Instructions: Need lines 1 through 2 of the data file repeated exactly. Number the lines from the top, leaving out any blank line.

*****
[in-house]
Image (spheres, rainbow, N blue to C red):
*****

[in-house]
Image (spheres, rainbow, N blue to C red):